• Jun 4th 2014 at 8:00AM
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Looking to line your pockets with some extra cash? Perhaps it's time to give up driving. A sobering report from the American Public Transportation Association (APTA) says that people using public transit in the 20 cities with the most riders save an average of $848 dollars a month, or $10,181 a year. Riders in New York see the greatest benefit, saving an average of $15,041 from January to December.

The APTA tried to determine how much a person could save by using public transit and "living with one less car."

These figures are based on the APTA's May Transit Savings Report, which tries to determine how much a person in a two-person household can save by using public transit and "living with one less car." The report calculates the cost of driving by taking into account the cost of gas, maintenance, and tires, as well as insurance, license registration, depreciation, finance charges, and parking costs. This average driver used in the calculations gets 23.1 miles per gallon over the 15,000 miles they drive in a year, pays $3.65 per gallon of fuel, and spends $166.26 per month on parking. The cost of public transportation is based on the average cost of a monthly transit pass.

Of the 20 cities included in the report, all but four (Atlanta, Miami, Dallas, and Las Vegas) showed annual savings less than $10,000, with the lowest being $9,364. See the full list, broken down by monthly and annual savings, below.

Are you not quite the "average" driver? You can find out how much you'd save in fuel by switching to public transportation using this calculator (you'll have to do the math for your other driving costs yourself).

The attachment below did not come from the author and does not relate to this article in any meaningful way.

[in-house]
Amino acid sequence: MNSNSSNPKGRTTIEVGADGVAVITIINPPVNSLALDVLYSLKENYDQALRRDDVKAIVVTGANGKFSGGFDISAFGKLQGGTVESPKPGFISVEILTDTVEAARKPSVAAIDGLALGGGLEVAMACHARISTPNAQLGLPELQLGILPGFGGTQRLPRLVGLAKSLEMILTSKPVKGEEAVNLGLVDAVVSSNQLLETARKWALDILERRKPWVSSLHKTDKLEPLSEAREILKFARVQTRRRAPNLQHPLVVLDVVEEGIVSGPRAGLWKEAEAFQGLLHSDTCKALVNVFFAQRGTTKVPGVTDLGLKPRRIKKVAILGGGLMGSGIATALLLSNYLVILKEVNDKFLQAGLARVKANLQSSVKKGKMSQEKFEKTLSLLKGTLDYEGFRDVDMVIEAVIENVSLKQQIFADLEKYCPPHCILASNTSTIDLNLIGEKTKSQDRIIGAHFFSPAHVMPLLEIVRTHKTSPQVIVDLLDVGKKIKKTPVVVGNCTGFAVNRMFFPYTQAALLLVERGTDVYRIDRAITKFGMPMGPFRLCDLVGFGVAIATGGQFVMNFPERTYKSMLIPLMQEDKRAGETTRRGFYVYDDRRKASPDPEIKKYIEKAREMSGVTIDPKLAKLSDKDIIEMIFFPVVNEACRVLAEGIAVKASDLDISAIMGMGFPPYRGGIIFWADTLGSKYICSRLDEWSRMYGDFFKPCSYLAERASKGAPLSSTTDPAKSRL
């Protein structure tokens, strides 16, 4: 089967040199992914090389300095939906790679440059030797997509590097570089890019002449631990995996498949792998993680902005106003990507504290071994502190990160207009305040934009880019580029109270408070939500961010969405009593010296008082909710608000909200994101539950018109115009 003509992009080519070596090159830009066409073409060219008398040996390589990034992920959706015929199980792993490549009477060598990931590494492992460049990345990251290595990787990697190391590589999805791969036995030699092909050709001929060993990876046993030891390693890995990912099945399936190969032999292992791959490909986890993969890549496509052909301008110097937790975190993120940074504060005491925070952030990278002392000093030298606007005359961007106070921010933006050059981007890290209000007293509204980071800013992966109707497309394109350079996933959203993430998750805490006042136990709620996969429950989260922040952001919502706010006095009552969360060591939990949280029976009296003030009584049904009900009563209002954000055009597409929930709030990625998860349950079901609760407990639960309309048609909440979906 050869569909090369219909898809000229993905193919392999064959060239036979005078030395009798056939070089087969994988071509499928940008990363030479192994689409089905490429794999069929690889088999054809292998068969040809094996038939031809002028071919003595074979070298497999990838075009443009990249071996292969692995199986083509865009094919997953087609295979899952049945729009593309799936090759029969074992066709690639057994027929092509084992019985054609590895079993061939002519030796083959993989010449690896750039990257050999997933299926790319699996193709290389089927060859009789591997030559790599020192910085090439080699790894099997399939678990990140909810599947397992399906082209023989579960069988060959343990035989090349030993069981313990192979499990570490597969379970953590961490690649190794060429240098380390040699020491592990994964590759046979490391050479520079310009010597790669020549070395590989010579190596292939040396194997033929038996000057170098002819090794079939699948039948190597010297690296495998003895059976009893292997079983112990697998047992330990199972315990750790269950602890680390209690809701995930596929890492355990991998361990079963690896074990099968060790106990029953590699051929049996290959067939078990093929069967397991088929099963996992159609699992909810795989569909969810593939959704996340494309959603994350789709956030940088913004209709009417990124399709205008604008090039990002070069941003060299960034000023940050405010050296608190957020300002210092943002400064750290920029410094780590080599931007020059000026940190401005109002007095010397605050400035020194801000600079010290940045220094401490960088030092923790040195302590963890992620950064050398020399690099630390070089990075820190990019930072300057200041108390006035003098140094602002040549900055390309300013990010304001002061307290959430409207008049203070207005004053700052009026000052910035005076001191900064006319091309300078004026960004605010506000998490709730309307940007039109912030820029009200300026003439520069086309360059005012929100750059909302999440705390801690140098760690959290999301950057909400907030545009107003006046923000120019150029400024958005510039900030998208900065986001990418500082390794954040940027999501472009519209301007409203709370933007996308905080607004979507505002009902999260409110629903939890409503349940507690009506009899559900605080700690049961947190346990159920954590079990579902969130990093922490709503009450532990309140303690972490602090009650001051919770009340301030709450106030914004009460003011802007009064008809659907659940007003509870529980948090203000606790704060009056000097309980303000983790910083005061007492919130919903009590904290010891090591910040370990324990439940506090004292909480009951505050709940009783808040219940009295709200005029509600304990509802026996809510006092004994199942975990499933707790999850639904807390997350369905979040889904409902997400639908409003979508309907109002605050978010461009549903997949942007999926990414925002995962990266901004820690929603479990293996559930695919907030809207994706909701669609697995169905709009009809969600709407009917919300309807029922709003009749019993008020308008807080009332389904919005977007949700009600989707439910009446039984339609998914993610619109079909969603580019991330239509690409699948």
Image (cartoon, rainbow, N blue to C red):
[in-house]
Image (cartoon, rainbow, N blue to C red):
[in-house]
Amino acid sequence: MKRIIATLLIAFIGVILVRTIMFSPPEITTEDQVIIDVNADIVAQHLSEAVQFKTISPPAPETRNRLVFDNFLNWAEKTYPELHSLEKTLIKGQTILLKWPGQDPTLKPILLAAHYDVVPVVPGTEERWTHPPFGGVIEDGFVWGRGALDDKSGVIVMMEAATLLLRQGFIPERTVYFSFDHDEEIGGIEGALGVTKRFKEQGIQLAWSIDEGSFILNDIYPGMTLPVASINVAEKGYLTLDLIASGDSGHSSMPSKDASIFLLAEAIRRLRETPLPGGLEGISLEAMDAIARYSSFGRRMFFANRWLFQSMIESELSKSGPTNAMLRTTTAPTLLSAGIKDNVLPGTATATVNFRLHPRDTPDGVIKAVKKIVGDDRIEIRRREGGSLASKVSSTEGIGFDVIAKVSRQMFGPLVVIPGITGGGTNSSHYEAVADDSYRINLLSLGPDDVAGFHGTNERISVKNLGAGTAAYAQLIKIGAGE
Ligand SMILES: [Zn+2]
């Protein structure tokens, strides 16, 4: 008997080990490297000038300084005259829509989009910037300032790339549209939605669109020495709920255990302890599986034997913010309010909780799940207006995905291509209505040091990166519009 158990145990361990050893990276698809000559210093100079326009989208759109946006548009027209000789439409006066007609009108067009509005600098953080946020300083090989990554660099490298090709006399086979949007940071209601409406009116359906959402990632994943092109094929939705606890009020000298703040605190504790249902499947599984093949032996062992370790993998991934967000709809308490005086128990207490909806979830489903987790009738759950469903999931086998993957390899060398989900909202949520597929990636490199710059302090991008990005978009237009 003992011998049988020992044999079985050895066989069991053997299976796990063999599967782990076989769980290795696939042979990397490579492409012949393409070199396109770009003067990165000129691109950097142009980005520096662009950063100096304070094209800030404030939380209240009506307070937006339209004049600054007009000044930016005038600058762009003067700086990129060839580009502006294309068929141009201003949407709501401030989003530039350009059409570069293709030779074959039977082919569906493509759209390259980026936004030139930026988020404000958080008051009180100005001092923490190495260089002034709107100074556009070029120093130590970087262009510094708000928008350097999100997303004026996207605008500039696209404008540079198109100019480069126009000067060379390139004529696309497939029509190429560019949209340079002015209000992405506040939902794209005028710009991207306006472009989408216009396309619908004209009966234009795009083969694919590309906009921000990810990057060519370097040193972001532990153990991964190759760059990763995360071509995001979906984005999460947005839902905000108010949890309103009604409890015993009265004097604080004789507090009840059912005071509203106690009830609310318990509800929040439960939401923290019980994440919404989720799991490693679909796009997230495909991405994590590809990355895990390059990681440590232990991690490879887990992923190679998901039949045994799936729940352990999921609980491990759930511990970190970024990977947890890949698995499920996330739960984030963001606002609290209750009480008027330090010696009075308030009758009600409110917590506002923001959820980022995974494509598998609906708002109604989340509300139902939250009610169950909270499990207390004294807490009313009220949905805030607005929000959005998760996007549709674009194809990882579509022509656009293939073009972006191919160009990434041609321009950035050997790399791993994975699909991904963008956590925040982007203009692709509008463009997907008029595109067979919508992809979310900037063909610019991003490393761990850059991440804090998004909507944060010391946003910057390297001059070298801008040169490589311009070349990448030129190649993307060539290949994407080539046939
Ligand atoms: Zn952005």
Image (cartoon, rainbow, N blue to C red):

Whether or not you'd save the amounts that APTA claims, there is the other obvious benefit to using more public transportation. Try this carbon calculator if you want to see what impact your switch to public transit would have on the environment.
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Due to Recent Spike in Gas Prices, Public Transit Riders in 16 Cities See More Than $10,000 Per Year in Savings

Parking the car and taking public transportation saves individuals $10,181 a year

Washington, D.C. This month the Transit Savings Report shows that public transit riders in 16 of the top 20 cities for public transit ridership save more than $10,000 a year and $800 a month due to the recent spike in gas prices. Four straight months of gas prices increasing has pushed the average annual savings for public transit riders to $10,181 a year according to the American Public Transportation Association's (APTA) May Transit Savings Report. Individuals who ride public transportation instead of driving can save also save, on average, more than $848 this month.

These savings are based on the cost of commuting by public transportation compared to the cost of owning and driving a vehicle which includes the May 28, 2014 average national gas price ($3.65 per gallon- reported by AAA), and the national unreserved monthly parking rate.